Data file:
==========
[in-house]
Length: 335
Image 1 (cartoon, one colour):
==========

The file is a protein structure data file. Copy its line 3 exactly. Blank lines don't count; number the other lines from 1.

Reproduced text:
Image 1 (cartoon, one colour):